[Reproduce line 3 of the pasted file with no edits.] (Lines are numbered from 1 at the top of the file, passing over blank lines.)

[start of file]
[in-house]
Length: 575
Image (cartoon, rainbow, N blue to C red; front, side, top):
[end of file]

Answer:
Image (cartoon, rainbow, N blue to C red; front, side, top):